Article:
Stefanie Drootin and Chris Senseney have formed a new apathetic project, appropriately called Umm, with a full-length LP due out next week. The two of them have been playing in bands for over a decade, separately when they were younger and more recently together, with drummer Daniel Ocanto, in Big Harp. Their origins lie in the DIY scene, when both were able to travel with fairly little baggage and when their lives generally were less rigid. Eventually they embraced more structure and among other changes, they began factoring their young children into tour plans so it wouldn’t interrupt their careers. Especially in the underground scene, making music is a real grind, but Drootin and Senseney seem to have it figured out; or at least that’s how it feels on their easygoing new LP, Double Worshipper.
The concept of Double Worshipper is magnificently well-crafted, right down to the personal description of the project. “It probably rules, because their moms think they’re special and talented,” their official biography reads, highlighting the signature aloof attitude that the record exudes. Meanwhile, Senseney recognizes the awkwardness of having to write anything about the band at all. “You have to pretend to be your biggest fan which feels a bit gross and narcissistic. We used to try to write weird bios where we kind of made fun of ourselves and of the whole thing, but that seemed just as disingenuous.” Navigating the choppy waters of self-deprecation and self-confidence, they manage to make a creative and engaging record–Umm’s first of many.
The conception of Umm, though, was not out of so much a creative necessity as it was a practical one: no drummer means less hassle hauling extra equipment and fewer hotel rooms on the road. In fairness, the project still acted as an outlet to express other ideas that wouldn’t quite fit what they were doing with Big Harp anyway. But it quickly took on a life of its own. The record was swiftly given a release date on Majestic Litter, which the band commented was a choice against the “arduous process of label shopping,” which usually involves going over a lot of legalese and can take awhile to finalize. All fans need to know is that the music will be in our hands sooner rather than later, which is always a good thing.
Though the title (and google search results for the phrase) may mislead you, Double Worshipper is not a Satanic metal record. Lyrical content can sometimes seem heavy, but never too intensely emotional; take the first single, “Black Summer,” a poignant track about finality in death that steers away from becoming too morbid. The guitars can take credit for keeping most the LP light, even in times of deeper existential exploration. Even on “I’m in Love,” the ridiculousness of what they sing fairly accurately represents how insane love can sometimes feel.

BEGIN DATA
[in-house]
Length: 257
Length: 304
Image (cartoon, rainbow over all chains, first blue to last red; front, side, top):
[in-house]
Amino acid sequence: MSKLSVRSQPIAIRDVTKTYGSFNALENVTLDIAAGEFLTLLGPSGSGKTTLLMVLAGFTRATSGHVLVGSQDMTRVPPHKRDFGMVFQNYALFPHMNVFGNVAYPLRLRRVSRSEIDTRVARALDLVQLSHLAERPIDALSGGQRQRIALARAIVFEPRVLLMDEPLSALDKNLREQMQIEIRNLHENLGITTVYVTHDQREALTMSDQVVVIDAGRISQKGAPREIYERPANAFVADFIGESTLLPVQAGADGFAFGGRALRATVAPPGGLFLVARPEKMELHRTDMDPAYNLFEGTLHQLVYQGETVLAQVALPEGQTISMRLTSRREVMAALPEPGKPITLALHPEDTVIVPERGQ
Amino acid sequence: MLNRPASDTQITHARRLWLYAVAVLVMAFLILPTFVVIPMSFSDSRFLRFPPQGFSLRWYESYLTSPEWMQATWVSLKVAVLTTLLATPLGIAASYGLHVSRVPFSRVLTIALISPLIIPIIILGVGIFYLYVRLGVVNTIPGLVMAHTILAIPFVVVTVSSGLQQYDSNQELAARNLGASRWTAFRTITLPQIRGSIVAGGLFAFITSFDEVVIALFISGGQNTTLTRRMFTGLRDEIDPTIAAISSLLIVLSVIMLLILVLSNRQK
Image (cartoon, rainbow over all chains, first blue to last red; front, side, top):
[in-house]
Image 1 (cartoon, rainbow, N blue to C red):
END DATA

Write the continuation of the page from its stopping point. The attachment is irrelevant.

“Let’s split apart
Our human hearts
Let the blood flow down
Let’s build an ark
We could float away”
The instrumentation occasionally takes off with bouncing rhythms that can turn into extended jams on the drop of a dime. Hearing the natural dexterity they have with their instruments, especially in tracks like “Total Collapse of the Sun,” one can see how much fun this was for Drootin and Senseney to record. It’s disarmingly understated, and will have you humming along before you even learn the titles; shoegaze melodies on “Some Jungle” and “Oh Yes No” are addictive. Even just a slight uptick in the distortion makes them sound closer to Clap Your Hands Say Yeah, as in the latest single, “Yeah I Want It,” among others. So many corners of the indie rock niche are covered on this record, and all work seamlessly together for this summer’s chillest release yet.
This record was born from a pure desire to put ideas to paper, which flourished into something worth celebrating long-term. Perhaps it is that assuredness that Senseney and Drootin feel as well, with the former promising me more releases to come, further explaining, “For now we’re looking at Umm as our main project.” It’s always interesting to see where life takes you, but we can always count on Umm to go with the flow.
by: Zoë Elaine